The Most Iconic Images in NBA Postseason History

Adam Fromal@fromal09National NBA Featured ColumnistApril 19, 2013

The Most Iconic Images in NBA Postseason History

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    Pictures can catch our attention and then hold it, evoking plenty of emotions and memories as we pore over the pixels. Some are instantly recognizable and immediately transport the viewer back to the place they were when the actual event transpired. 

    Each of these images, the most iconic ones in NBA postseason history, can leave me staring at my computer screen, either remembering the moment or wishing I'd been alive for it. 

    They're simply awe-inspiring and tell some of the best stories that professional basketball has to offer. 

    These are my 15 most iconic images, but what would make your list? 

Havlicek Stole the Ball!

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    The Boston Garden eagerly watched and then stormed the court after John Havlicek stole Hal Greer's inbounds pass to seal a Game 7 victory in the 1965 Eastern Conference Finals. 

    This was the play that inspired Johnny Most's legendary call ("Havlicek stole the ball!"), even if it was some random Boston Celtics fan that actually ended up with the rock during the festivities. 

Willis Reed Limps onto the Court

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    How's this for a goosebump-inducing moment? 

    Just two games after tearing a muscle in his leg, Willis Reed walked out of the tunnel onto the court at Madison Square Garden, shocking the world with news that he would indeed play. Inspired by Reed's gutsy showing, Walt Frazier took over Game 7 of the 1970 NBA Finals to help the New York Knicks win their first title. 

Dr. J and Kareem

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    Before the 1983 NBA Finals, Andrew Bernstein took to the locker room to capture this iconic photo of Julius Erving and Kareem Abdul-Jabbar fighting over the Larry O'Brien Trophy. 

    The Los Angeles Lakers had won each of the past two Finals clashes against the Philadelphia 76ers, but this series belonged to the team in red. It's only fitting that Dr. J seems to be controlling the prize, because it was his to hold once more after a four-game sweep.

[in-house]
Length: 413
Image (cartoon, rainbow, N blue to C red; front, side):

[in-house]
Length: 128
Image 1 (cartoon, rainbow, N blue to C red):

Larry Bird and Magic Johnson

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    Larry Bird and Magic Johnson might have been adversaries on the court, but they maintained a healthy relationship off it. 

    The two rivals were separated by only the Larry O'Brien Trophy before the 1984 NBA Finals, but it was eventual Finals MVP Bird and the Boston Celtics who would emerge victorious after seven hard-fought games. Bird and Magic's clashes would come to define basketball in the '80s and drastically increased the popularity of the sport.

Magic Johnson's Junior, Junior, Junior Sky-Hook

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    Magic Johnson drilled this "junior, junior, junior sky-hook" over the outstretched arms of Robert Parish and Kevin McHale to give the Los Angeles Lakers a 107-106 victory in the closing seconds of Game 4 in the 1987 NBA Finals. 

    As Larry Bird explained, "You expect to lose to the Lakers on a sky-hook. You don't expect it to be from Magic."

The Kiss

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    It was no secret that Magic Johnson and Isiah Thomas were well-acquainted with each other both on and off the basketball court, but this kiss before the 1988 NBA Finals still took the basketball world by storm. 

    Nothing more than a simple exchange of pleasantries between friends and rivals, the kiss stood in stark contrast to the intensely competitive sequence resulting in yet another title for the Los Angeles Lakers. 

The Aftermath of "The Shot"

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    I couldn't have hit the shot over Craig Ehlo that inspired this reaction, and I certainly couldn't have elevated to the skies of the Coliseum at Richfield like Michael Jordan. 

    No basketball celebration has inspired more imitations than Jordan's expression of pure joy after hitting what would come to be known simply as "The Shot." 

    Jordan's buzzer-beater won both Game 5 and the 1989 first-round series against the Cleveland Cavaliers. It will forever live on throughout history.